[1] “No doubt I shall be met by doubt of the trustworthiness of “self-analyses” of this kind; and I shall be told that they leave the door open to arbitrary conclusions.  In my judgement the situation is in the fact more favorable in the case of self-observation than in that of other people; at all events we may make the experiment and see how far self-analysis takes us with the interpretation of dreams.” Freud, 137.

Sunday, February 20, 2011

Addendum to my thoughts on Betty Friedan

        It's been a while since I have posted.  This is largely caused by the fact that I had to send my computer in for repair.  I have been spending the past week, attempting to get the data on my hard drive backed up before I sent it in for repair.  I finally took care of that with some unexpected help from an extremely generous colleague.  Things should be back to normal soon enough. 
      I wanted to add a brief addendum to the largely positive comments I made in regards to Betty Friedan's The Feminine Mystique, which can be found here.  I wanted to add a set of cautionary notes that draw on the analysis of sentimental conventions produced by Lauren Berlant.  (For my notes, look here.)  The power of Friedan’s text largely arises through her rhetorical identification with the feminine mystique. That is to say, the power of her narrative is derived through her claim to be a housewife negotiating her way through this new form of domesticity. However, it is precisely this rhetorical claim to the conventional role of the housewife that causes a set of limitations to the text. To begin, Friedan’s censorship of her radical past leads to an erasure of the history of working class. Unlike many later radical feminists, Friedan’s claims about the mystique are limited to the post-war period, but her history of women’s activism is limited to the activities of the middle classes. Women’s union and radical activism is placed under erasure, which limits the forms of activism analyzed in the text, and perhaps more significantly, the types of activism that are imaginable from the framework of the text.  Additionally, Friedan’s critique is dependent on her engagement with the psychological conventions of her time. That engagement is often quite critical of the discipline’s complicity with the feminine mystique, but it also embraces the heteronormative impulse of psychology, arguing that homosexuality is a possible pathological response to the mystique. Friedan's critique of the rigidifying conventions of psychoanalysis, simultaneously accepts the homophobic framework introduced by the analytical work of Anna Freud and others. If Friedan strategically engages with these conventions to be heard, these conventions profoundly shape and limit the epistemological possibilities of the text.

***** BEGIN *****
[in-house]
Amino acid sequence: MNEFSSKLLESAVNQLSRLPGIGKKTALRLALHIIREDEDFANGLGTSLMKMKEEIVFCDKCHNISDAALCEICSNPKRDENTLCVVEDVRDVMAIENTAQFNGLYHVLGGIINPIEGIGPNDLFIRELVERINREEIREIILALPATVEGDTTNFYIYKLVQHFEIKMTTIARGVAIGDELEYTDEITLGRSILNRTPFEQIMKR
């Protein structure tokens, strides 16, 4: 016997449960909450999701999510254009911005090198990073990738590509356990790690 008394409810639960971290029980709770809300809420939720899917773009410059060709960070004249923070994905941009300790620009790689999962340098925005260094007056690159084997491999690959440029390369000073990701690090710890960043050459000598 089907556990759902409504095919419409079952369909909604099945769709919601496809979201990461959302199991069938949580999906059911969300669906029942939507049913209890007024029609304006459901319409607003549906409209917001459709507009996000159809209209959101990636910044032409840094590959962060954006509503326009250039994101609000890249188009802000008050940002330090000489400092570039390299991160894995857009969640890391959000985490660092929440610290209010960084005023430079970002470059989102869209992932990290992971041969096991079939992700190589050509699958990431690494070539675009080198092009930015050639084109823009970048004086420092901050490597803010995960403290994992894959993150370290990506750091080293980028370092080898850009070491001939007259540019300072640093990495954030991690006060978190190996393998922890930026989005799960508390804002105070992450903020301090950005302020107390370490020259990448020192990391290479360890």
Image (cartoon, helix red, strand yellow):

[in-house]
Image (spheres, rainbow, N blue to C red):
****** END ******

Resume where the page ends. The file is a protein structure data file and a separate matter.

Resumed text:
It's also notable that it is precisely these problematic conventions that allow for the text to move from the margins of societal discourse to its center.  There is an interesting new book on the reception history of The Feminine Mystique, written by Stephanie Coontz.  It doesn't really replace the important biographical work on Friedan produced by Daniel Horowitz, but its worth a glance.  Perhaps I will comment on it sometime in the future.